To a large extent, the contents of an IEP define what FAPE looks like for that particular student. This makes the decisions of the IEP team extremely important and legally binding. IEP team decisions are expected to be based on data and the input of every member of the team. Most of the time IEP teams are eventually able to reach decisions that everyone can live with. That’s called reaching a consensus. If the team fails to reach consensus about a relatively minor issue, the matter may be put on hold until more information can be gathered.

When the IEP team cannot come to agreement about a really important proposal, the LEA Representative has the authority to make the decision. This allows the team to move forward with finalizing the IEP so that the student can be served. Having a clear decision also gives the parent the right to formally challenge that decision through one of the options available for resolving special education disputes. Those options are detailed in the Procedural Safeguards Notice* that is often referred to as the “Parent Rights Handbook.” Parents should be given a copy of the handbook at least once each year, but they can ask for a copy at any time.

In rare cases, individuals who serve as the LEA Representative over-use their decision making authority and the IEP team is not able to function properly. If this happens, a higher-level special education administrator should be notified so that corrective action can be taken.

* North Carolina Parent Rights and Responsibilities

Extended School Year (ESY) services

sunExtended School Year or ESY refers to special education and related services that are provided to eligible students beyond the normal school year, based on the student’s  Individualized Education Program (IEP).  ESY is not summer school! Services  are based on each child’s unique needs, so they range widely in terms of the type of service and how it is delivered.  ESY services are often intended to help the child maintain their skills, not make progress. For example, a child may only get physical therapy, and just enough to maintain their range of motion.

During the development of each new IEP the IEP team must decide if the student is, or is not eligible for ESY services.  In some cases, the team will note that ESY is “under consideration” and a future date will be set for the team to come back together and make a final decision.  This gives the team time to collect data or information about the student’s performance to help them determine eligibility for ESY.

Some of the key things for the IEP team to consider are:

  • Whether the student regresses, or slides backward, during long breaks from instruction, and takes an unusually long time to relearn lost skills, or
  • Whether there is a risk that a long break will erase most of the gain that the student made during the regular school, or
  • Whether the student is showing that they are beginning to learn a critical skill, and the “window of opportunity” might be lost if there are long breaks from instruction.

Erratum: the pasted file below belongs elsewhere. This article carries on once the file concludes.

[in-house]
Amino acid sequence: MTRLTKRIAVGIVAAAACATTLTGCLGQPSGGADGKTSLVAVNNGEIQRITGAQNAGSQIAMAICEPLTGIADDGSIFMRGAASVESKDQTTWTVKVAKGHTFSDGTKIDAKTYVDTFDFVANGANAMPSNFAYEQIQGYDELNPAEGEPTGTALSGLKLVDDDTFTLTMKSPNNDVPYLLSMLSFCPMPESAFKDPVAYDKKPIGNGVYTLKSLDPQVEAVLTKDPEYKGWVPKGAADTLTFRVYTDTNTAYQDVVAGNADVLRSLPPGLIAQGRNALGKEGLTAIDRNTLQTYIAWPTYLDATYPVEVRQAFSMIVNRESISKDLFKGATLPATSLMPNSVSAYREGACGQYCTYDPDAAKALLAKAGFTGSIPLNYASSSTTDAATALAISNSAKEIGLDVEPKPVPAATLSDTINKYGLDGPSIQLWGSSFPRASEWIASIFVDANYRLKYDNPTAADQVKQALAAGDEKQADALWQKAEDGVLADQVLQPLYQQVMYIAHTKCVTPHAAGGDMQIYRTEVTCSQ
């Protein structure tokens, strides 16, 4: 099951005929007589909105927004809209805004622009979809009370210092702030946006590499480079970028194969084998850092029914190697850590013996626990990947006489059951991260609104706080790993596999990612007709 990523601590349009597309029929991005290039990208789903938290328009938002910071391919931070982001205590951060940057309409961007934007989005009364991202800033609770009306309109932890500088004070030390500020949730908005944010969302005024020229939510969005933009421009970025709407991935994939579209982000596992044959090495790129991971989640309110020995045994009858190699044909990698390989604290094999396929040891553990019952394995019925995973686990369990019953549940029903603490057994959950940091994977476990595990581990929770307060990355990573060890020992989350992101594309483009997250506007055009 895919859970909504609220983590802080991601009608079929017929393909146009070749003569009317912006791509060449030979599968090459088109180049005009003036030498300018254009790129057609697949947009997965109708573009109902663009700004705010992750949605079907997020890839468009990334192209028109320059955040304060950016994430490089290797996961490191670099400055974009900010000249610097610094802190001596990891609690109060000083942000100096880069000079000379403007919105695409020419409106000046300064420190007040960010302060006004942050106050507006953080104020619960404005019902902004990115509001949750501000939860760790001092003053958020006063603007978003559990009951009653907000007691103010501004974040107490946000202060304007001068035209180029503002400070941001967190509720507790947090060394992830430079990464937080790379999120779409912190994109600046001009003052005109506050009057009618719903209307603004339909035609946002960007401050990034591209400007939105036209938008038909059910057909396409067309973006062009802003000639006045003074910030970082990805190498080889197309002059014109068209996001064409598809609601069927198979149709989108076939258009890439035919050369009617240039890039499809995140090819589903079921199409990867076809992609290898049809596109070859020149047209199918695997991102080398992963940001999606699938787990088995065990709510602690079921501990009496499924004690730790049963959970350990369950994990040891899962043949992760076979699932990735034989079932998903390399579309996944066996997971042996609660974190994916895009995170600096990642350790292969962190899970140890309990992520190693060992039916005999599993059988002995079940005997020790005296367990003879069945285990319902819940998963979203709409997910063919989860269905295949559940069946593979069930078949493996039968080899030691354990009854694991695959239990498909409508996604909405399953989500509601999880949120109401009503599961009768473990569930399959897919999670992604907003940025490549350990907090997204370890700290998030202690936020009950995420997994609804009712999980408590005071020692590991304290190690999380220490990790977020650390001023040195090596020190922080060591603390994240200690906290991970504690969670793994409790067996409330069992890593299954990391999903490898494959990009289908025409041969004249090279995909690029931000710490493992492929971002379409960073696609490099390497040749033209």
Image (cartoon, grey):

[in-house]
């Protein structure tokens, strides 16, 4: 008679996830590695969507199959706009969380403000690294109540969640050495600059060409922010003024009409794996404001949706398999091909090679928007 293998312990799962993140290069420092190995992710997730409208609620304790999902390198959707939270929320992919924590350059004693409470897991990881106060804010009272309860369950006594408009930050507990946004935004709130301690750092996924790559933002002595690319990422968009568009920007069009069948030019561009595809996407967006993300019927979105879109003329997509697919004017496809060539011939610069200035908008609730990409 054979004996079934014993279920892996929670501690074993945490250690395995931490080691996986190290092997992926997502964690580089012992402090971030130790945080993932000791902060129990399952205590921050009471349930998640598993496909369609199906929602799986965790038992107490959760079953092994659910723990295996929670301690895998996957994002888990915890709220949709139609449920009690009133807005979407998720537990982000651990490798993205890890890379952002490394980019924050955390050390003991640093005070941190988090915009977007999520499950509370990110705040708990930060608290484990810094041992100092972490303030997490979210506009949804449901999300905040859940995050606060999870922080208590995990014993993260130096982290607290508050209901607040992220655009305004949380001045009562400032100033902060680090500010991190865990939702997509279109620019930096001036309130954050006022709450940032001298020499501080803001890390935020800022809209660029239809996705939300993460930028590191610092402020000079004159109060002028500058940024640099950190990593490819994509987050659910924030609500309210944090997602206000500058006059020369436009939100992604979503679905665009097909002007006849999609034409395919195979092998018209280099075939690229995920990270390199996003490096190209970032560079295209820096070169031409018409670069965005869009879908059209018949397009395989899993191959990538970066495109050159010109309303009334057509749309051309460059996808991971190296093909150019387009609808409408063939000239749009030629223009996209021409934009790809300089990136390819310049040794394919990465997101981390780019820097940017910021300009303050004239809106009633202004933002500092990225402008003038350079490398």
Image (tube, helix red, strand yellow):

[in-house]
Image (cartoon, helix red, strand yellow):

The great majority of students do not qualify for ESY services.  In many cases, however, the team ends up checking “No” on the IEP simply because they do not have enough information to establish that the student needs ESY services.

It’s probably too late to address ESY for the summer of 2017, but it’s not too late to start gathering information and data that the IEP team can consider at the next annual review.  Save a few samples of your child’s school work to show what they were able to do at the end of the 2016-2017 school year.  Keep progress reports, report cards, behavior reports, communication log, correspondence, assessment results, videos… basically anything that will provide documentation of your child’s functioning in the areas of concern.

Find out what kind of assessments will be done when your child returns to school.  If additional skills need to be measured, ask to have some assessment conducted in those areas.  If there are significant concerns about behavior, try to get next year’s teacher to make  written reports to you about how your child’s behavior has been each day.  Whether the teacher makes a note in the child’s assignment book, or completes a printed check sheet of some sort, this will provide information about your child’s performance over time, so that any patterns can be identified (ex. he/she has more behavioral difficulties after long weekends, or winter and spring breaks).

It’s okay to tell the teacher(s) that you want to make sure that enough data is collected during the year to give the IEP team what it needs to make the right decision about Extended School Year services.  Collect your own data by making notes about things that you observe and comments that are made to you over the course of the school year.  Hold onto (or copy) some of the school work and tests that come home.  Hopefully, what you will see is your child making steady progress.  But you will be better prepared, just in case…

Dissecting a Victory

So many parents will be able to relate to your experience. Beautifully written!

autismblues

So today was the big day. We had our eligibility meeting at the school to determine if our fourth child, a third-grader, qualified as being on the autism spectrum according to the school district’s definitions. And I’m happy to report that the IEP team (consisting of the school psychologist, the speech therapist, our son’s teacher, the assistant principal, our private psychologist, and Katie and me) all agreed that he met the district’s criteria for being identified as ASD.

A Good Day.

On one level, not much has changed as a result of this new designation. He is still receiving the same services he received under his previous designation as “Language Impaired.” We’ll revisit his Individualized Education Plan later in the school year to see if he needs more help than he’s currently receiving.

But having him identified as being on the autism spectrum is also a safeguard for the future…